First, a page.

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Winners! 



Just as a Strong Attack 

or a Good Defence 
Will Win in Sports 
So a Bank Book 




Will Take 
You Safely 




* Over Life's 
Hurdles 



The Royal Bank 
of Canada 



COMPLIMENTS OF 



Lafleur, MacDougall, Macfarlane & Barclay 

Advocates 



Royal Trust Chambers 
MONTREAL 



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115 



BROWN, 

MONTGOMERY & 

McMICHAEL 

jldvocates, 

Barristers, 

Etc. 



Canadian Pacific Express Building 
MONTREAL 



Henry Gatehouse & Son 

Dealers and Importers of 

Fish, Oysters, Game, Poultry 
Eggs and Vegetables 

Telephones: Uptown 903-904-905-2724 

348 Dorchester Street West 

MONTREAL, QUE. 



Acer & Co., Limited 



PULP and PAPER 



SB 



CANADA CEMENT BUILDING 
MONTREAL 



Over J 200 Pipe Organs 

Built by 

Casavant Freres, Limitee 

ST. HYACINTHE, QUE. 



Established in 1879 



BURTON'S LIMITED 

Booksellers & Stationers 



Telephone Uptown 6834 

597 ST. CATHERINE STREET WEST 
MONTREAL 



116 



ADAMS & SIZE 

Insurance Brokers 



MONTREAL 



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mention B:€-.S. i Magazine 



COMPLIMENTS 
OF 

MOLSON'S 
BREWERY 

LIMITED 



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118 



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BARRETT'S 

Ice Cream, 

Confectionery, 

* 

High Grade Chocolates, 
Cigars, Cigarettes, 

Tobacco, 

Tea, Coffee, Cocoa 

and Sandwiches 

always ready. 

ti 

LENNOXVILLE, QUE. 

Formerly of Waterville, Que. 


Waterman's 

Ideal Fountain Pens 

Eversharp Pencils 


McKindsey's 
Drug Store 

LENNOXVILLE, QUE. 


For Quality and Service Try 

RL 

QUICK LUNCH 
AT ALL HOURS 

Next to C.N.R. Station 
LENNOXVILLE 


G. PENNINGTON 

SPORTS EQUIPMENT REPAIRED 

Custom Boot and 
Shoe Maker 

All work promptly executed 

LENNOXVILLE, - - QUEBEC 


M. J. BENNETT 

Picture Jf ramer 

Manufacturer of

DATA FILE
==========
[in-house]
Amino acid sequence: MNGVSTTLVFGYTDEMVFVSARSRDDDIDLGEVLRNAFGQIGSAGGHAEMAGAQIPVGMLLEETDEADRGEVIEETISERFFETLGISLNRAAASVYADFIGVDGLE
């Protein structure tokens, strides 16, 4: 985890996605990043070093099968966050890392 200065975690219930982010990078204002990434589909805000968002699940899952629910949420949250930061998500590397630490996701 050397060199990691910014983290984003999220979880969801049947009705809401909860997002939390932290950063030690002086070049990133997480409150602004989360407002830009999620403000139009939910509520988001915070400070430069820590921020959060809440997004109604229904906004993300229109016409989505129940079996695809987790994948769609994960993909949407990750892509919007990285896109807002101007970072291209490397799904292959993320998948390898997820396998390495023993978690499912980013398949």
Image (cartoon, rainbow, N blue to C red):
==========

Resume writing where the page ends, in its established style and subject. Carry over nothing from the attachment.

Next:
Hockey Sticks and Skiis. 

Dealer in Wall Paper. 
Gasoline and Motor Oils. 

College Street, LENNOXVILLE 


R. C. McFadden & Co. 

General 
Hardware 

B 

Main Street LENNOXVILLE 



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119 



ASK FOR 




MARKEY, HYDE & AHERN 



Hbbocateg 



Fred H. Markey, K.C. G. Gordon Hyde. K.C. 
John G. Ahern V. M. Lynch-Stauton 

G. B. PUDDICOMBE 




%jm i.~ COLDS MSwjt™. 
COUGHS, CROUP. TSj 
CRAMPS. COUIC. GRIP. ( 
BRONCHITIS. a 
DIARRHOEA. Hi 
& DYSENTERY.QUINSY, c^ 

■mmmmi&ifSiMr. 

**V IBURNS.-WWWJ 

SCALD5. BRUISES, * 
' TR05T 6ITES, SPRAINS. CUTS, 
LUMBAGO, RHEUMATIC 
^PAINS, CHILBLAINS 
.TOOTHACHE, i* 




FOR NEARLY 100 YEARS 



PERRY DAVIS' 

PAINKILLER 



has been used in all parts of the world 
as a liniment, to relieve 

SPRAINS, BRUISES, FROSTBITES 

and taken internally to check chills 

and thus prevent the 

development of 

COLDS, LA GRIPPE, PNEUMONIA 



50c. Bottles 



Sold Everywhere 



120 



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Lewis Brimacombe & Co. 

Chartered Accountants 



180 St. James Street MONTREAL 



GREENSHIELDS LIMITED 

VICTORIA SQUARE 

MONTREAL 



Wholesale Dry Goods 

House Furnishings and Smallwares 

Special Selling Agents for 

David & John Anderson 

Ginghams and Shirtings.